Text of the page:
Bot. Reg. 11: plate 925. 1825.
Herbs, perennial, (1.5–) 2.5–5.5 (–7) dm; from a woody caudex; with a taproot or system of slender to stout, branched roots. Stems few to several, erect to ascending or ± decumbent at base, unbranched or branched, sometimes with short, leafy axillary shoots, glabrous or glabrate proximally, sometimes hairy, hairs spreading to retrorsely curved, short, ± stiff throughout, spreading, longer, soft to ± stiff distally, often glandular and short-glandular. Leaves green to purplish, linear-lanceolate or narrowly to broadly lanceolate, 2–7 (–8) cm, not fleshy, margins plane, flat to involute, prominently veined, 0 (–3) -lobed, apex acute to acuminate; lobes ascending, linear to narrowly lanceolate, short, apex acute or obtuse. Inflorescences 2.1–11 × 1.5–4 cm; bracts proximally greenish to pale yellow-green, sometimes brownish purple, distally white to cream or light yellow, sometimes light pink or buff, sometimes aging pink or reddish, broadly lanceolate to oblong or obovate, sometimes lanceolate, 0–3 (–5) -lobed, sometimes with irregular teeth at apex; lobes erect, triangular, short, arising at or above mid length, center lobe apex obtuse to rounded, sometimes acute, lateral ones acute. Calyces colored as bracts, 13–23 (–28) mm; abaxial clefts (6–) 8–13 mm, adaxial (5–) 6–10 (–11) mm, clefts (25–) 35–50% of calyx length, deeper than laterals, lateral 1–4 mm, 5–25% of calyx length; lobes triangular to lanceolate, abaxial and adaxial segments often differing in length or width, apex obtuse to acute. Corollas ± straight, (16–) 18–30 mm; tube 10–20 mm; teeth of abaxial lip rarely exserted, beak exserted; beak adaxially green or yellowish, 6–12 mm; abaxial lip green or whitish, reduced, slightly inflated, 1.5–3 mm, 25–30% as long as beak; teeth incurved to erect, green or white, 0.5–2 mm. 2n = 24, 48, 96.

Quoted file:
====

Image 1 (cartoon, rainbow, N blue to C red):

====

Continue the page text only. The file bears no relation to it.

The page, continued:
Phenology: Flowering (Apr–)May–Sep.
Habitat: Moist meadows, peatlands, open forests, gravel, rocky slopes, ridges, slides, lowlands to subalpine.
Elevation: 0–3700 m.
Alta., B.C., N.B., Nfld. and Labr., N.W.T., Nunavut, Ont., Que., Colo., Idaho, Maine, Mich., Minn., Mont., N.H., N.Mex., S.Dak., Utah, Vt., Wyo.
Castilleja septentrionalis is one of the most widespread species in the flora area. It occurs throughout much of the Rocky Mountain region, from New Mexico northward into southern Canada and sporadically eastward to the Atlantic coast, as well as in the higher mountains and notches of New England. Rocky Mountain plants are commonly called C. sulphurea, but there is broad morphological overlap between these plants and those in New England and eastern Canada, where C. septentrionalis was first described, and they are here considered synonymous. Varietal segregates may eventually prove to be appropriate, especially in the Canadian Rocky Mountains and in southeastern Canada and the adjacent United States, but this should await a comprehensive and detailed review across the full range of the species.
The relationship of Castilleja septentrionalis with the largely alpine species, C. occidentalis, has been the subject of much discussion, but the two have discrete ranges and usually remain reasonably easy to separate. The same cannot be said for plants from the Canadian Rocky Mountains, where some specimens in relatively low-elevation, riverine flood plains and lake basins seem transitional to the boreal-arctic C. pallida.
Castilleja septentrionalis occasionally forms localized hybrid swarms with its close relatives, C. miniata and C. rhexiifolia, where the morphological boundaries between the species seem to disintegrate. However, most populations of all three species are distinct and easily recognizable, and each has a different range, despite extensive sympatry. A possible hybrid with C. linariifolia bears the name C. ×cognata Greene, and a probable hybrid with C. miniata from southern Nevada is known as C. ×porterae Cockerell.